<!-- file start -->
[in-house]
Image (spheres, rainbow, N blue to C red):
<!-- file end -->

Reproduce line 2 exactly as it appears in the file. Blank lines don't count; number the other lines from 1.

Image (spheres, rainbow, N blue to C red):